16. 16. 16 CASE STUDIES In Canada, WGS is routinely applied during cluster investigation or outbreak response in parallel to PFGE/MLVA. General findings: WGS CONFIRMS MOLECULAR RESULTS WGS PROVIDES ADDITIONAL INFORMATION Example: beef-associated E. coli O157:H7 outbreak (2012) PFGE & MLVA used for case definition; WGS in parallel gave same results Example: Canadian cases - US outbreak of listeriosis associated with caramel apples Canada had 2 PFGE matches One case reported apple exposure, one did not WGS confirmed that the case with no exposure was not outbreak-related, despite the PFGE match Only molecular results “officially” used
  17. 17. 17 CASE STUDIES WGS CONFIRMS MOLECULAR RESULTS Example: beef-associated E. coli O157:H7 outbreak (2012) Example: Canadian cases - US outbreak of listeriosis associated with caramel apples WGS used in parallel with established molecular tests enables database building & increases knowledge transfer activities while providing the “comfort” of the gold standard Independent analyses using two pipelines (US and Canada) were in agreement, thus increased confidence in WGS results of a higher resolution than PFGE In Canada, WGS is routinely applied during cluster investigation or outbreak response in parallel to PFGE/MLVA. General findings: WGS PROVIDES ADDITIONAL INFORMATION
  18. 18. 18 SUMMARY Status: government-wide tiered approach; mostly in parallel with traditional tests so far Implementation challenges: what happens when funding is insufficient? When volumes are low? How long until traditional tests are phased out? What will new interpretation criteria look like? Primary issues present in Canada: standardization/harmonization, IT and bioinformatics infrastructure, data integration, sharing, and KT
  19. 19. 19 Co-Authors Canadian Food Inspection Agency (CFIA) - Burton Blais Health Canada (HC) - Sabah Bidawid - Franco Pagotto - Nicholas Petronella - Jennifer Ronholm - Jennifer Holtzman Public Health Agency of Canada (PHAC) - Celine Nadon - Morag Graham - John Nash - Aleisha Reimer - Gary Van Domselaar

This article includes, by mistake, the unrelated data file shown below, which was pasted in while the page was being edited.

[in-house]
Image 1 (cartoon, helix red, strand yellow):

20. 20. 20 Additional Materials - Discussion points on FAO questions - GMO perspective on use of genomics
  21. 21. 21 INSIGHTS Is WGS considered beneficial for food safety management in Canada? What could be the drawbacks? • Benefits – Harmonize methodology (decrease lab to lab variability) – one test fits all approach – Highly informative tests results (identification, characterization, risk assessment) – Third party evaluation of results – Cost effective and timely • Drawbacks – Still need an isolate – Possible decline of culture collections – Comparison to legacy data What are the necessary conditions /infrastructure to employ WGS technology for food safety management in Canada? • Sequencing capacity • High Capacity Storage and Data analysis • Bioinformatics support in the form of tools, expertise, & databases • Interpretation criteria/policy for data use • Governance for sharing If in the future this will be used for food safety management, what are the key prerequisite activities? • Database construction • Validation experiments
  22. 22. 22 INSIGHTS What agencies are/should be involved to make good results? How they are (can be) working together on this topic? Are there any important stakeholders (industry/company or academia/research) who should be involved? • Health Canada (HC); Public Health Agency of Canada (PHAC); Canadian Food Inspection Agency (CFIA). • Provincial and territorial public health • Food Industry What could be the real challenges (overall and specific) in when actually using WGS for food safety management? • Sharing (databases, sequencing data, tools, results of validation experiments etc.) • Food Industry outpacing regulatory and compliance agencies (CIFA, PHAC, HC) • Predictive accuracy (e.g. predicting phenotype) What roles do you expect/wish that international organisations would play on this topic? • Standardization/harmonization (not prescriptive though) • Database
  23. 23. 23 Capacity building for pre-market assessment of genetically modified organisms • Mandated activity (Division 28 of the Food and Drug Regulations) – molecular characterization, nutritional composition, chemical safety number of DNA insertion sites in the genome, presence of complete or partial copies, intact insert, absence of plasmid backbone • Companies typically provide data generated by classical molecular biology methods (Southern blot, PCR, Sanger sequencing), however there is interest from industry to provide regulators with molecular characterization data generated using WGS • Approach – Consultation with experts and stakeholders (CFIA lead, March 2015) – Draft internal guidance by GoC expert working group (Health Canada lead, Nov. 2015) – External guidance will be developed by GoC working group (2016)